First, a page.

Not a day goes by when there isn’t some new development — positive or negative — about unmanned aircraft systems (UAS) and their growing presence in national airspace systems. As this issue of AeroSafety World was going to press, there were unconfirmed reports out of London that a British Airways Airbus A320 on approach to London’s Heathrow Airport may have been struck by a “drone.” The airplane landed safely, and an investigation was launched — as were dozens of stories about the growing number of UAS aircraft sightings by airline pilots and the threat that UAS may pose to aviation safety.
On the other end of the spectrum are persistent calls for regulators to speed up the promulgation of rules governing the safe operation of UAS in civilian airspace. The rationale for the urgency often revolves around the potential commercial, humanitarian and efficiency benefits that society may realize once UAS, known in International Civil Aviation Organization parlance as remotely piloted aircraft systems or RPAS, are widely accepted and operated.
Like many organizations in the aviation community, Flight Safety Foundation is tracking RPAS developments closely, and we are considering how best to add value to the ongoing safety discussion. In Melbourne, Australia, the Foundation’s Basic Aviation Risk Standard (BARS) program office, under the leadership of Managing Director David Anderson and in consultation with a variety of stakeholders — including BARS member organizations (BMOs), manufacturers, insurance companies and UAS aircraft operators — is developing an RPAS audit protocol. Like BARS, the RPAS standard will be risk-based and will not be based on material drawn or sourced from any particular regulatory document. The process of developing the RPAS standard started with asking the question, “What are the risks in operating RPAS?” and then determining what controls would be needed to address the identified risks.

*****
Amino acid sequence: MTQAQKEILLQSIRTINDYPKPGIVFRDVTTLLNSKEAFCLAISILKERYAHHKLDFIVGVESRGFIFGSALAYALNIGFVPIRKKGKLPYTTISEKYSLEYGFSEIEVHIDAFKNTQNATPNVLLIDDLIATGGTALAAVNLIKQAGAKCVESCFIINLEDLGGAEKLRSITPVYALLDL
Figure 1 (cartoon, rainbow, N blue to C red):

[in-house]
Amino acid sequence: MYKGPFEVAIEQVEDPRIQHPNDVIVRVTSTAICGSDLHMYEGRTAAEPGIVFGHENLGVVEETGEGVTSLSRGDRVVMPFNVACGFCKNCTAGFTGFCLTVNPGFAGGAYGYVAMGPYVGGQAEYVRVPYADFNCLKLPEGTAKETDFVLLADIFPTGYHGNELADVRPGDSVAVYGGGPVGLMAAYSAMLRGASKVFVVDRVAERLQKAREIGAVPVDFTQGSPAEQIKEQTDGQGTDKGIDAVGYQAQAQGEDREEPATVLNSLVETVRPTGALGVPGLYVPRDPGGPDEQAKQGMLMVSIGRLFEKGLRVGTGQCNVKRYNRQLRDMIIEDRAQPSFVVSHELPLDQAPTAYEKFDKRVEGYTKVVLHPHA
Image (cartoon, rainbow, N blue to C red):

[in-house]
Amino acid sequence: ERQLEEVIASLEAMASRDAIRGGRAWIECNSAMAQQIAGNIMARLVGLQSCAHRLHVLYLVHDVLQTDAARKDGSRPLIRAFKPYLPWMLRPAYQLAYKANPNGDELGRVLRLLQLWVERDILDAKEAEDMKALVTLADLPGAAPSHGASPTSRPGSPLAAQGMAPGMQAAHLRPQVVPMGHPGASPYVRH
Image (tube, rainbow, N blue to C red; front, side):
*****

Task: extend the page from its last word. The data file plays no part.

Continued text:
The BARS Technical Advisory Committee, which comprises representatives from the BMOs, is scheduled to meet in early May to review the RPAS work done to date and to start another round of discussions and consultations on the controls and defenses needed for such an industry standard. In essence, this continues work on the RPAS bow tie diagram. In a recent update briefing on the development work, David said, “The challenge as we see it now is to derive something useful for most sizes of operations: micro RPAS through to the large aircraft that can use multiple controllers and operate beyond visual line of sight.”
UAS/RPAS represent a significant portion of the aviation industry’s future. To realize their potential and ensure safe operation, all sectors of the aviation industry need to work together to develop reasonable, well-conceived risk mitigations.